Most people agree that exercise is good for one’s body. A recent study in Ireland offers evidence that it’s also good for our brains, and not just because we feel proud of ourselves for having gotten off the couch.
In the study, reported in The New York Times, scientists had a group of sedentary male college students watch a fast lineup of photos with the faces and names of strangers. They were then asked to recall the names as they again viewed the photos.
Next, half the group rode stationary bicycles for 30 minutes, while the other half sat quietly. Then both groups again took the photo-name memory test. The students who had exercised performed significantly better than they had on their first try, while the resting students did not improve. In addition, blood samples taken throughout the experiment revealed that after exercising, the cycling students had significantly higher levels of the protein brain-derived neurotrophic factor, or BDNF. This protein is known to promote the health of nerve cells, the Times reported.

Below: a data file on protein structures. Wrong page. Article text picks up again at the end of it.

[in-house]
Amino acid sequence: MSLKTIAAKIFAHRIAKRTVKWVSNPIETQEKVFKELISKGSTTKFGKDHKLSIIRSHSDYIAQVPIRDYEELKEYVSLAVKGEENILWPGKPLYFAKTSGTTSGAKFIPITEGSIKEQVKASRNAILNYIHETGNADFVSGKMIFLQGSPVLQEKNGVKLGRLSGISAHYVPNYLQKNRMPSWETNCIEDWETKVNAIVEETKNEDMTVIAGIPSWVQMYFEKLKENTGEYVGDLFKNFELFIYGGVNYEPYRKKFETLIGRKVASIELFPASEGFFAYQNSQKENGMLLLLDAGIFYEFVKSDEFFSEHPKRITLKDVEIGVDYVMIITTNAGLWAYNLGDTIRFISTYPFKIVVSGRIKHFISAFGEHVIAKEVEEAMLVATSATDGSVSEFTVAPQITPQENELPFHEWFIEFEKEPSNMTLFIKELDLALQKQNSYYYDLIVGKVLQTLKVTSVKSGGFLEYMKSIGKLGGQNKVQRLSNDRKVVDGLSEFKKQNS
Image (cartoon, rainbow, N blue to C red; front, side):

Findings of other recent studies – including on elderly and adult rats and experienced human pilots ages 40 to 65 – were similar, showing that exercise may increase BDNF levels, enhance memory centers and perhaps help us maintain the ability to perform skilled tasks.
Of course, research often raises more questions than it answers, and we have a lot yet to learn about our brains. But it appears we are wise – and maybe wiser – to exercise. Happy moving!